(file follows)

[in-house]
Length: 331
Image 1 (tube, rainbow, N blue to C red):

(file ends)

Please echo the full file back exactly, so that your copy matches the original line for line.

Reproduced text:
[in-house]
Length: 331
Image 1 (tube, rainbow, N blue to C red):